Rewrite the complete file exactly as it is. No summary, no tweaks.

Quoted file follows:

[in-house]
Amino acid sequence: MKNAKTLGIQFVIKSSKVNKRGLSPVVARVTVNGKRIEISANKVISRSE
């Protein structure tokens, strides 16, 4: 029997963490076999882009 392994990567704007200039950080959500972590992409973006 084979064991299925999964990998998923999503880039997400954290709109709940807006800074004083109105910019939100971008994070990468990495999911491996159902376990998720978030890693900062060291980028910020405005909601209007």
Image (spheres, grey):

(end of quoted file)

[in-house]
Amino acid sequence: MKNAKTLGIQFVIKSSKVNKRGLSPVVARVTVNGKRIEISANKVISRSE
């Protein structure tokens, strides 16, 4: 029997963490076999882009 392994990567704007200039950080959500972590992409973006 084979064991299925999964990998998923999503880039997400954290709109709940807006800074004083109105910019939100971008994070990468990495999911491996159902376990998720978030890693900062060291980028910020405005909601209007």
Image (spheres, grey):